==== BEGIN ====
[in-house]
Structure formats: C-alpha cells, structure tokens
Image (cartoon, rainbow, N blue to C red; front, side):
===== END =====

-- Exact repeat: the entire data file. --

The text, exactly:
[in-house]
Structure formats: C-alpha cells, structure tokens
Image (cartoon, rainbow, N blue to C red; front, side):